Oscars: Israel Selects 'Sand Storm' for Foreign-Language Category

Courtesy of Sundance Institute
'Sand Storm'

Director Elite Zexer’s drama won six Ophir Awards as well as a Grand Jury Prize in Sundance.

Israel has picked Elite Zexer’s feature directorial debut Sand Storm, an Arabic-speaking desert-set family drama, as its submission for the Oscars in the best foreign-language film category.

The film won six Ophir Awards, awarded by the Israeli Academy of Film and Television, including supporting actress honors for Ruba Blal-Asfour, director honors for Zexer and the all-important best film honor, in a ceremony Thursday in the city of Ashdod.

The moment was upstaged, however, by political uproar as Minister of Culture & Sport Miri Regev left the theater in silent protest during a musical number by Arab-Israeli rapper Tamer Nafar, whose lyrics sampled the work of controversial Palestinian poet Mahmoud Darwish. Upon returning to present the best film category, Regev was met with loud booing as dozens exited the theater in response to her earlier actions.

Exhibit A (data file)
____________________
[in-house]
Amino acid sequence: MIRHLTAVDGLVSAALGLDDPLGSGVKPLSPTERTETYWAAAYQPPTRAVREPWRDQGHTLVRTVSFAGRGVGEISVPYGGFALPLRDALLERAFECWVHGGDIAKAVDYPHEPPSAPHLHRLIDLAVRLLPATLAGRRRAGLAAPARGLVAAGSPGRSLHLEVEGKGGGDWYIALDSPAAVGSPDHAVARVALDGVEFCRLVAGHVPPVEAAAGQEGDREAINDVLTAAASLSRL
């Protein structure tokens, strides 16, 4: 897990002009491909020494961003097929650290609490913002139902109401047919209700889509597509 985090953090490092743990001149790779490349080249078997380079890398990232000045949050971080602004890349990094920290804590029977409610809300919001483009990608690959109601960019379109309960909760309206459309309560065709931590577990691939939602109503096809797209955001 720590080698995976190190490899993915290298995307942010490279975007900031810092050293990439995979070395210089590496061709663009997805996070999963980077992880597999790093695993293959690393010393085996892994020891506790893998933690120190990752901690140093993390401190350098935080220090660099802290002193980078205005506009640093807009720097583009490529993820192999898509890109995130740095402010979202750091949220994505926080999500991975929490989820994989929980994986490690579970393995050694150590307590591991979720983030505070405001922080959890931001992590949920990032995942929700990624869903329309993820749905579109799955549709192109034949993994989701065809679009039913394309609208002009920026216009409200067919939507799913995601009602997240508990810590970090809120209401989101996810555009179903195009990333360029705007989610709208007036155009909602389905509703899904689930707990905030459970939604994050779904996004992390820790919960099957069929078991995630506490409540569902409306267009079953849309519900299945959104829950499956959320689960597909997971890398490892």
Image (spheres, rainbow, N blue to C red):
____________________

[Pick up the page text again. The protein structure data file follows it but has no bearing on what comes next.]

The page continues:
Following Zexer's win at the First Look Work-In-Progress Competition in Locarno last year, Sand Storm had its official world premiere at January's Sundance Film Festival, where it was awarded the Grand Jury Prize in the World Cinema Dramatic section. The film's critical acclaim continued at such festival circuit stops as the Berlinale and TIFF, with Kino Lorber picking up North American rights in June.

Sand Storm will be released stateside Wednesday at New York’s Film Forum and expand throughout the coming weeks.

This is Israel’s 49th submission for the best foreign-language film category, with a total of 10 films earning a nomination over the years, the last of which was Joseph Cedar’s Footnote in 2012. Israel has never won the foreign-language Oscar.

The Academy of Motion Picture Arts and Sciences will announce its 2017 shortlist of foreign-language film nominees on Jan. 17. The final five nominees will be announced Jan. 24. The Oscars will be held Feb. 26.

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